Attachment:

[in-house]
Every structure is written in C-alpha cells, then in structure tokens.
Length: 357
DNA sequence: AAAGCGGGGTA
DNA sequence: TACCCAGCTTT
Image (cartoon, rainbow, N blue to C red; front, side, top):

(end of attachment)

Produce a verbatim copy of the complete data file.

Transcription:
[in-house]
Every structure is written in C-alpha cells, then in structure tokens.
Length: 357
DNA sequence: AAAGCGGGGTA
DNA sequence: TACCCAGCTTT
Image (cartoon, rainbow, N blue to C red; front, side, top):